Health literacy is an important factor in the self management of diabetes. Furthermore, an informed
partnership between health professionals and patients-as-consumers that is based on a both-ways or reciprocal knowing of each other’s culturally constructed understanding of the disease has been found necessary. According to national statistics in Australia, diabetes among migrants has become a priority health issue (Australian Bureau of Statistics [ABS], 2007). Many reasons such as life style, inappropriate health care services, and barriers to accessing ambulatory health care services have been suggested for the increased incidence, complications and mortality rate from diabetes among the overseas born population in Australia (Dixon & Webbie, 2005). Since diabetes is a lifelong disease, patients require knowledge of both theoretical and practical self-management techniques to manage it in their everyday life. As health literacy has become a very recent concern for the Australian Health service system, and particularly for managing ‘diabetes’; health literacy in general and diabetes literacy in particular requires further investigation among culturally and linguistically diverse individuals living with diabetes. This issue is explored through an analysis of adults as learners, multicultural health education and reciprocal knowing in the context of diabetes literacy.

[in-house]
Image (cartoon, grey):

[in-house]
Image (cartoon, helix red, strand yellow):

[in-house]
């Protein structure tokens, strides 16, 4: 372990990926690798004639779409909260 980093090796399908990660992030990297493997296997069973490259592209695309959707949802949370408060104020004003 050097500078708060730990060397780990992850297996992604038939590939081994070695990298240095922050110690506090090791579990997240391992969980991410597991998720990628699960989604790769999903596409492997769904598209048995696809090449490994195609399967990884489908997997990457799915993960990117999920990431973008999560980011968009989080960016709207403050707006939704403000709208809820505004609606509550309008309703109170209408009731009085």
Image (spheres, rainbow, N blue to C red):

|Keywords:||Adult Learning Process, Diabetes Literacy, Multicultural Health Education, Reciprocal Knowing|
PhD Student, Learning and Teaching Education Research Centre, Faculty of Arts, Business, Informatics and Education, Central Queensland University, Rockhampton, Queensland, Australia
Senior Lecturer, School of Learning and Innovation, Faculty of Arts, Humanities and Education, Central Queensland University, Rockhampton, Queensland, Australia